An inconvenient fact has gotten shoved out of the headlines by Lehman Brothers' demise, AIG's (NYSE:AIG) overnight implosion, the collapse of Washington Mutual (NYSE:WM) and Wachovia (NYSE:WB), and 60% plunges from the likes of National City (NYSE:NCC). As a result of a sickly economy, government bailouts, and an otherwise continued instance to spend more than we make, our national debt is about to surpass the $10 trillion mark.

The numbers are pretty amazing: 10 trillion dollars. Fourteen digits. About $33,000 per American. One quarter of it is owned by foreign investors. Almost 1 trillion has been added in the past year alone, with $300 billion added in just the past month.

Take a look at how fast national debt has grown over the past five years:


National Debt



$6.79 trillion



$7.35 trillion



$7.93 trillion



$8.52 trillion



$9.00 trillion



$9.89 trillion


Pretty scary stuff, especially in the context of the banking industry's ongoing dilemmas. What we've learned in the past year should resonate loud and clear throughout the national debt market: When you become overextended, bite off more than you can chew, and rely on debt to feed your way of life, bad things usually happen. In a year when every American has become far too familiar with the words "bailout," "leverage," and "bankruptcy," and as "debt" has become the naughtiest four-letter word of them all, few stop to remember that the U.S.A. is the world's largest debtor.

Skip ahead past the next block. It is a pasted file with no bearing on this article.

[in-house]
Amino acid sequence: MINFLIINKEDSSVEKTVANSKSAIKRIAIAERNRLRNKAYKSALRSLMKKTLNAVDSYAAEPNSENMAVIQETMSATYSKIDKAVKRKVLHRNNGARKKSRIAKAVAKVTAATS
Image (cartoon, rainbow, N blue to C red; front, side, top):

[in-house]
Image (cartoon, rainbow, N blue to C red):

In reality, passing the $10 trillion mark is purely symbolic; in and of itself, it means nothing. Nonetheless, we live in a "boiling frog" economy; No one dares to move a finger until a crisis lies on our doorstep. Will $10 trillion finally be the number that graces enough headlines to wake America up to its looming debt problem? By golly, I sure hope so.

More on the national debt: